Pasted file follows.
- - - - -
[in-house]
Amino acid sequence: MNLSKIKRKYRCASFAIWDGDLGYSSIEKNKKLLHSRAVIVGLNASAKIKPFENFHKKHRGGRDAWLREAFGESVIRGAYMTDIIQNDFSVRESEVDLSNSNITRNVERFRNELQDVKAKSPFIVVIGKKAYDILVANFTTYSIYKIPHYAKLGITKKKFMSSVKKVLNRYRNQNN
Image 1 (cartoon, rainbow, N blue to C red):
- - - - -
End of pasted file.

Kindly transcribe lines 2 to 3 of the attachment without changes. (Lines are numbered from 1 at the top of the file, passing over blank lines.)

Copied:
Amino acid sequence: MNLSKIKRKYRCASFAIWDGDLGYSSIEKNKKLLHSRAVIVGLNASAKIKPFENFHKKHRGGRDAWLREAFGESVIRGAYMTDIIQNDFSVRESEVDLSNSNITRNVERFRNELQDVKAKSPFIVVIGKKAYDILVANFTTYSIYKIPHYAKLGITKKKFMSSVKKVLNRYRNQNN
Image 1 (cartoon, rainbow, N blue to C red):